A ground-breaking new study reveals how Pacific Islanders experience corruption in their daily lives.
Given the very well documented use of casinos for money laundering in Australia and around the world, the decision by the Royal Commission begs the question – What crime does a casino operator need to commit in order to have a licence cancelled?
TIA is pleased to submit some brief comments in response to the Data Economy Unit consultation paper on the proposed amendments to The Corporations Act 2001 (Corporations Act) for the Modernising Business Registers (MBR) Program.
The Pandora Papers lay bare the need for much greater scrutiny of offshore corporate structures, and the flaws in Australia’s own corporate registry system.
TIA strongly supports strengthening Australia’s anti-money laundering and counter-terrorism financing (AML/CTF) regime. This inquiry is a critical opportunity to review the adequacy and efficacy of Australia’s AML/CTF regime.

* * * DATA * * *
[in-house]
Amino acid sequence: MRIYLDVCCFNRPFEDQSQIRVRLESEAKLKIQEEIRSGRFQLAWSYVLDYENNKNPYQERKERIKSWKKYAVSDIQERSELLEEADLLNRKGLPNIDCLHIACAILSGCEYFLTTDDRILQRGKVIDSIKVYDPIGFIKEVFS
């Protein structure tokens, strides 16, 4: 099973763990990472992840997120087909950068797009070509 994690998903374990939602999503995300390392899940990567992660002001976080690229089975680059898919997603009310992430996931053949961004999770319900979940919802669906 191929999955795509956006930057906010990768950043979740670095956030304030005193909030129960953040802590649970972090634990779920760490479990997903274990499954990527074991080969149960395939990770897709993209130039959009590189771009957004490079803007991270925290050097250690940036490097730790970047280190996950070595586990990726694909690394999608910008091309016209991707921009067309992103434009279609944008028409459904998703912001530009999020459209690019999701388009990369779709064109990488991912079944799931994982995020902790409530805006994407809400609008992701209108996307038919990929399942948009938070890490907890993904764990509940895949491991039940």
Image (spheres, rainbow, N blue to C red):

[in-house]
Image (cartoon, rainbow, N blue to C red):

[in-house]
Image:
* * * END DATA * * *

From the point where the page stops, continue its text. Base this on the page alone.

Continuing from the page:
The Financial Action Task Force is considering potential amendments to Recommendation 24 on the transparency and beneficial ownership of legal persons.
Australia’s lax corporate registry system enables companies with a poor business integrity track record to use Australia as a launching pad for corrupt activities in the Pacific.
A stronger corporate regulatory system requires proper due diligence checks into the integrity, character and track record of directors and entities.
Australia has inadequate corporate regulatory systems. This enables people who have been involved in corruption to register companies in Australia.